This section contains the foundation for the rest of the arguments throughout the text.  Without a Law of Human Nature any dispute is empty.  Lewis uses the example of two people quarreling, and when two people argue, they generally do not dismiss the other person’s standards.  They actually agree on a standard that there is such a thing as right behavior.  In the typical quarrel, each person attempts to justify his or her actions within an accepted moral standard.  As Lewis puts it:
It looks, in fact, very much as if both parties had in mind some kind of Law or Rule of fair play or decent behaviour or morality or whatever you like to call it, about which they really agreed. And they have. If they had not, they might, of course, fight like animals, but they could not quarrel in the human sense of the word. Quarreling means trying to show that the other man is in the wrong. And there would be no sense in trying to do that unless you and he had some sort of agreement as to what Right and Wrong are; just as there would be no sense in saying that a footballer had committed a foul unless there was some agreement about the rules of football.
So, if there’s no such thing as right, then there’s also no such thing as wrong.  Though this law is not like the Laws of Nature (i.e. gravity).  One important difference is that humans can disobey this law.  There can be exceptions to the Law of Human nature, just as there are occasionally people who are colorblind or tone-deaf.  Lewis handles one important objection right away here.  Some skeptics claim that morality is totally different in different cultures, but this is missing an important point.  Just because there are differences, does not dismiss that all cultures have a sense of right and wrong.  The clearest example is in this simple quote, “Men have differed as to whether you should have one wife or four. But they have always agreed that you must not simply have any woman you liked.”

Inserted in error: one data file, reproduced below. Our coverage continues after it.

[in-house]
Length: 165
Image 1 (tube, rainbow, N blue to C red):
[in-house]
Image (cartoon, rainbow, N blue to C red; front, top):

To read the full article click here:

Picture credit here